Senator Louis DeLuca opposed the bill. He said it was well meaning, but noted that the insurance mandate would not affect children whose policies were self-insured and regulated under the federal ERISA law. He estimated that about 50% of policies in Connecticut were self-insured. Secondly, he opposed the bill because it would be a mandate that would add to the cost of insurance premiums for small employers. He said the state already had more than 30 insurance mandates and the cumulative cost adds up, causing some employers to stop offering benefits, and resulting in some people being without coverage altogether.
The Senate passed the bill by a vote of 35 to one.
The House debated the bill on May 23, 2001. Representative Michael Jarjura, who brought out the bill, explained that it would require health insurance coverage for medically necessary specialized infant formula for policies issued or renewed after October 1, 2001. He noted that certain infants, through age three, suffer from medical conditions that prevent them from digesting normal infant formula.
Representative Lile Gibbons questioned Representative Jarjura on the fiscal impact of the bill, particularly on the insurance companies. Representative Jarjura said he thought there was minimal fiscal impact to the state and the insurance companies. He acknowledged that the cost associated with increased premiums would be passed on to consumers but that the impact would be minimal because of the small number of affected children and the age limit included in the bill.
The House passed the bill by unanimous vote.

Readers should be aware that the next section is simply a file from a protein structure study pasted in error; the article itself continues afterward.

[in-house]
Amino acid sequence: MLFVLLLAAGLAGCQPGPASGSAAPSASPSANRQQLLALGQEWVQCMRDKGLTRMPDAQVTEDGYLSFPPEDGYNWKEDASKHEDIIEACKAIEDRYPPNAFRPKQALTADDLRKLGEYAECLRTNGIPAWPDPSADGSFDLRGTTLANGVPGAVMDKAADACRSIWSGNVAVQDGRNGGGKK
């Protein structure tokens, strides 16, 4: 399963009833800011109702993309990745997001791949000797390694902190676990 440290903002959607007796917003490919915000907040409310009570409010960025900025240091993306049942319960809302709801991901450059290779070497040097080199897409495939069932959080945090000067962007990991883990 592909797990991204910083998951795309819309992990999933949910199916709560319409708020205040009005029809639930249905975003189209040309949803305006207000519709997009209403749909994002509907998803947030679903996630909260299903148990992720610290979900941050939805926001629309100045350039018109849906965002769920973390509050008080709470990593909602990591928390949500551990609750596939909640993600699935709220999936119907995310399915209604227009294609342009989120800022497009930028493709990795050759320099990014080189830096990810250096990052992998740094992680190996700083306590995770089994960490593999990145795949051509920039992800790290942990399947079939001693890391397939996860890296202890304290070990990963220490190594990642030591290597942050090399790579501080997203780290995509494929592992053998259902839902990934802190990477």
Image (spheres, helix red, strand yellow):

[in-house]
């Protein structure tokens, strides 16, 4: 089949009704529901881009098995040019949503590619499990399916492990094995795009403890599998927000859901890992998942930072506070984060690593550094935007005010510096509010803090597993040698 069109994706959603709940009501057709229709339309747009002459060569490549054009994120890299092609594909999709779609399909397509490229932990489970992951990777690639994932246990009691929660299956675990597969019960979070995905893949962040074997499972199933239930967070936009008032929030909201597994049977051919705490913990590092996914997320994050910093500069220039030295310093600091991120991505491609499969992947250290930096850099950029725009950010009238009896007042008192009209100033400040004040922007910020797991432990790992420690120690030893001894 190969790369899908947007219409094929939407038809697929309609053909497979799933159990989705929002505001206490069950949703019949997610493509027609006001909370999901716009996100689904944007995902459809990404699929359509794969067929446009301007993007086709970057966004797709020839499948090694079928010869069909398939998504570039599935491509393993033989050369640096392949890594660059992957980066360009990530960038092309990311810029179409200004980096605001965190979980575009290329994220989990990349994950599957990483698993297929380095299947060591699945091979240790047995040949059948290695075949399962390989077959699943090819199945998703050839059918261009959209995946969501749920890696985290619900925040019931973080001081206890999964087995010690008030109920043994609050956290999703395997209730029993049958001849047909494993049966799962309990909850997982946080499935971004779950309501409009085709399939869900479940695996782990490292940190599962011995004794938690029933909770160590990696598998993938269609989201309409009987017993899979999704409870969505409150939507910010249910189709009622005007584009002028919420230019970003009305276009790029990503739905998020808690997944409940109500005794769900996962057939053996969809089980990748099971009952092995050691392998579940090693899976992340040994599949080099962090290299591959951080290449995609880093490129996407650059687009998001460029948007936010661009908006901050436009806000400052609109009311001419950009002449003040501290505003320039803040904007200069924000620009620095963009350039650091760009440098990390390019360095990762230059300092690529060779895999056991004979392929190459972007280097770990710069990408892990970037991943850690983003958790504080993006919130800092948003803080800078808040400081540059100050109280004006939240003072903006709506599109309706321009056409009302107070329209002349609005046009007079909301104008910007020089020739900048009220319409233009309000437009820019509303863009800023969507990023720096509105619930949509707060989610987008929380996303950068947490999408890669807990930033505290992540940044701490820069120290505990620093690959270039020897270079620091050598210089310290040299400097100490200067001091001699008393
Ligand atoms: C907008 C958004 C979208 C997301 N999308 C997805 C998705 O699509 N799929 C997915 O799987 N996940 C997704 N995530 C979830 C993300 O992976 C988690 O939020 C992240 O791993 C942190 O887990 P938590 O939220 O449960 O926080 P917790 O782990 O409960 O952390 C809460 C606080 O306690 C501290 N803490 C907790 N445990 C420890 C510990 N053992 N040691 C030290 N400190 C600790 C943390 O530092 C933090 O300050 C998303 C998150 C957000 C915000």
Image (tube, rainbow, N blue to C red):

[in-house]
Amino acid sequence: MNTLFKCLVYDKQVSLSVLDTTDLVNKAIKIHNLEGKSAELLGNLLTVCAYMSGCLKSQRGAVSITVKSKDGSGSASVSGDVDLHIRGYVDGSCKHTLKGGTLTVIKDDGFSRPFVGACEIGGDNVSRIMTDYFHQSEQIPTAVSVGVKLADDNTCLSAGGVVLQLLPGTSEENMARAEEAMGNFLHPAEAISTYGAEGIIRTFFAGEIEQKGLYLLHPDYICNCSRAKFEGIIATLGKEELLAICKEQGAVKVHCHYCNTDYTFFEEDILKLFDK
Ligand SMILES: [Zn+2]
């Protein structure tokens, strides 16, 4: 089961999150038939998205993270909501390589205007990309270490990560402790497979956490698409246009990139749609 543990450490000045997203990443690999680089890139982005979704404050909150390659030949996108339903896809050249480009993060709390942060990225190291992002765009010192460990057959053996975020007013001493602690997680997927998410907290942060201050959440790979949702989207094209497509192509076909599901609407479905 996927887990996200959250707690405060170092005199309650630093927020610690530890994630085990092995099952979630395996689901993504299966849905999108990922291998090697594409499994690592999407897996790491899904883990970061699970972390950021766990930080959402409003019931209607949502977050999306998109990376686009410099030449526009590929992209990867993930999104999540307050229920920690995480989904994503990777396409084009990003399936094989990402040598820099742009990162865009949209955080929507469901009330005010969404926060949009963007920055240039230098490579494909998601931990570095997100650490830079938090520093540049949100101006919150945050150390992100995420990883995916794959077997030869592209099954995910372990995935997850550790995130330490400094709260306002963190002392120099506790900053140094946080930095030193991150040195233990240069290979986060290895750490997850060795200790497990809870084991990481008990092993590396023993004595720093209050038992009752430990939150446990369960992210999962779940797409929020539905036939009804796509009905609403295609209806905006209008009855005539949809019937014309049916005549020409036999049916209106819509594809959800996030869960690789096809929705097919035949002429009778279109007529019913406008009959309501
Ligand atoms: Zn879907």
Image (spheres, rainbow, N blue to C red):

PUBLIC ACT 04-173
The Insurance and Real Estate Committee raised HB 5201, An Act Concerning Newborn Screening and Medically Necessary Nutritional Formula for Cystic Fibrosis, in February 2004 and held a public hearing on the bill on February 19, 2004.
Parents and health care providers spoke in favor of the bill and explained that cystic fibrosis is a chronic and progressive genetic disease, usually diagnosed in childhood, that causes mucus to clog bodily organs, particularly the lungs and pancreas. It can lead to lung disease, malnutrition, and growth and development problems. Treatment involves a combination of medications; home treatments, including respiratory and nutritional therapies (e.g., feeding tubes); and specialized care by
health professionals. The necessary nutritional formulas cost up to $1,000 a month and are available only with a prescription. Insurance companies and chambers of commerce opposed the bill noting its potential to increase insurance premiums.
On February 24, 2004, the committee reported the bill to the House, which referred it to the Public Health; Appropriations; Finance, Revenue and Bonding; and Planning and Development committees during March and April. Each committee reported the bill favorably.
The House amended the bill by expanding the definition of “inherited metabolic disease” to include cystic fibrosis. Thus, it required individual and group health insurance policies to cover amino acid modified preparations and low protein modified food products prescribed for the treatment of cystic fibrosis. The bill also required health insurance policies to cover medically necessary specialized formula for children up to the age of eight, instead of age three. Lastly, the bill required policies to cover the preparations, food products, and specialized formulas on the same basis as other outpatient prescriptions.